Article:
Penzance Independent Band headed the last section, followed by the men's and women's sections the National Fire Service; the British Red Cross, pleasing sight in their scarlet cloaks; two nurses in the grey the Belgian Red Cross; the St. John Ambulance Brigade and Cadets, with the newly-formed girl cadets looking very smart their pale grey uniforms; the W.V.S.; the Girls Training Corps, very chic in their white blouses and blue skirts: Marazion Town Band; a large contingent of the various branches of the Civil defence Services; a series of fire-fighting vehicles. And that was all.

Following the parade, the visiting troops, to the number some seven hundred, were entertained to tea in St. John's Hall.

The following messages Were read by. the Mayor prior the opening:

From Lord Kindersley, President of the National Savings Movement: Warmest good wishes for the Penzance, St. Just and West Penwith 'Wings' Week. I ask everyone in your area to save and lend to the limit during this week, and so to make the final result a worthy 'tribute to our victorious Forces. Good luck'

From Sir Kingsley Wood," Chancellor of the Exchequer:
National Savings have a vital part to play in backing up the untiring courage of our gallant airmen. My best wishes for the success of Penzance, St. Just and West Penwith Wings for Victory Week.

From Sir Archibald Sinclair, Secretary of State for Air: Very best wishes for your Wings for Victory Week. More aircraft are needed for bombing the very heart of the Axis countries. We must save to pay for them. Roll out the aircraft.

From M. Maisky, Soviet Ambassador to Great Britain: I send you every good wish for success in your efforts to raise funds for your "Wings for Victory" Week. A hard fight still lies ahead of us. and it is necessary for everyone to make what sacrifices are demanded to achieve the speediest victory over our common enemy.

From Maj.-Gen. Ira Eakers, commanding U.S. Air Force in this country: Congratulations to Penzance, St. Just and West Penwith for your Wings for Victory, effort. As Commander of the American Air Force in England I have been privileged to sit beside and work with the leaders of your Royal Air Force for the last year and a half. I have also had the opportunity to visit most of the R.A.F. aerodromes and meet the wonderful R.A.F. fighting men of all ranks. You have every reason to be tremendously proud of them. Their work has won the admiration of all fighting men. Friend and foe alike acknowledge their prowess and supremacy. They saved this Island by their skill and daring, and now they are carving their names with bombs and bullets on the German war machine. Their greatest urge and incentive comes from the knowledge that the people of England are behind them to the last man and to the last shilling. Wings for Victory Week symbolizes that mutual confidence and inter-dependence. Tell your people that they hasten the victory when they provide ample ''Wings” for their deserving Royal Air Force.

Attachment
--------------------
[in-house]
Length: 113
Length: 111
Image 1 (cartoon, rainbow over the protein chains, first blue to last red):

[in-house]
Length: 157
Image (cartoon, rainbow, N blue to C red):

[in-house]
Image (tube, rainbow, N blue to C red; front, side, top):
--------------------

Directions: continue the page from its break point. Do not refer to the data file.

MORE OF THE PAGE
Declaring the Week open a rousing speech, Air Vice-Marshal Tait, who, together with the other speakers, was introduced by the Mayor, said: " At no time could you have chosen a better date. We are now in the middle of the greatest offensive air operations the world has ever seen. The United States Air Force and the R.A.F. are starting to go full out against the enemy." For some three years we had had to suffer the attack of the enemy, largely from the air. He had seen bomb damage at Penzance, and knew that they had suffered here and knew what bombing meant. But there is one thing we must always remember," he said, " that it was the enemy, the Hun, who started this indiscriminate bombing of our towns and cities. Now that we are beginning put it across him he is starting to squeal and to talk about the bombing of women and children.